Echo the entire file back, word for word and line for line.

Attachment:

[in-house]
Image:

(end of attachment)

[in-house]
Image: